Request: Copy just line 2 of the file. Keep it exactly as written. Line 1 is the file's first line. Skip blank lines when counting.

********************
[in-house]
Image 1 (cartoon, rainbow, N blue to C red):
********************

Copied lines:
Image 1 (cartoon, rainbow, N blue to C red):